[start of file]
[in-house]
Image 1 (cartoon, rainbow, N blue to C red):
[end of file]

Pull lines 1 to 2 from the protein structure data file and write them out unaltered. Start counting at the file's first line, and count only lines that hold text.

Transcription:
[in-house]
Image 1 (cartoon, rainbow, N blue to C red):